BERLIN — A coalition of global health organizations called upon the G20 to reinstate long-term health commitments and lead the fight against pandemics, drug-resistant strains, and critical poverty-related and neglected diseases. The ‘Call to Action’ was initiated this April in Berlin, at the G20 Global Health Innovation event.
The coalition includes TB Alliance, Medicines for Malaria Venture, PATH, Sabin Vaccine Institute, CARB-X, the Coalition for Epidemic Preparedness Innovations and the Global Health Technologies Coalition.
The G20 was created to promote cooperation between 20 major economies, collectively responsible for three-quarters of world trade. . The international forum works on a broad range of issues with the intention of building a global economy. The G20 specifically pursues action on climate change, political corruption, the current refugee crises and, most recently, healthcare.
On April 28, 2017, the coalition publicly urged the G20 health ministers to reinstate long-term health commitments in “pandemic preparedness,” and effective health technologies to counter antimicrobial resistance (AMR) and Poverty-Related and Neglected Diseases (PRNDs). The coalition believes that in order to achieve the U.N. Sustainable Development Goals, long-term investments and political commitment will be required.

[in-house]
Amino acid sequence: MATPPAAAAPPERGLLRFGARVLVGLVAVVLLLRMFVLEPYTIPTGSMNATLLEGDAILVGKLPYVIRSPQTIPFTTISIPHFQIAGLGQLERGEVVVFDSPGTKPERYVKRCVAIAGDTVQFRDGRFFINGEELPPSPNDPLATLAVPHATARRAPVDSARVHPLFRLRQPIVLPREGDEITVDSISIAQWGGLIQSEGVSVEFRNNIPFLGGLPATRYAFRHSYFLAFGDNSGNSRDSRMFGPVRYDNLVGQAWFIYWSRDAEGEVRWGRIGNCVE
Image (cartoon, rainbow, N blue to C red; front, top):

The ‘Call to Action’ urges the G20 to perform the following actions:
- Establish political leadership to address the inter-related issues of AMR, pandemic preparedness and response and PRNDs.
- Expand financial support and coordinate across the G20 and partner countries to establish long-term funding for global health innovation while assuring that costs are equally shared.
- Encourage business, philanthropic organizations and other financing institutions from the G20 to increase investment in global health research and innovation.
- Marshal G20 public health and scientific expertise to address AMR in both neglected and major poverty diseases.
The ‘Call to Action’ stresses the need for global pandemic preparedness, citing the Ebola outbreak in West Africa as an example of how unprepared the world remains when dealing with a widespread disease. Since December 2013, more than 28,646 cases have been documented with 11,323 fatalities.
The coalition is also concerned about AMR: the proliferation of strains resistant to pharmaceutical drugs, such as HIV/AIDS, malaria and tuberculosis. The World Bank released a report that examines the “economic and development consequences” of AMR, highlighting the long-term health commitments required to counter this increasingly global issue. Economic growth will be greatly affected by AMR, resulting in an exponential increase in global poverty. The report’s “high-AMR scenario” estimates that by 2050, AMR will force 28.3 million people into extreme poverty and will increase global healthcare costs by $1.2 trillion.
– Madison O’Connell